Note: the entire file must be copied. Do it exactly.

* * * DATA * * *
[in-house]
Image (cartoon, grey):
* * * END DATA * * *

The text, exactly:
[in-house]
Image (cartoon, grey):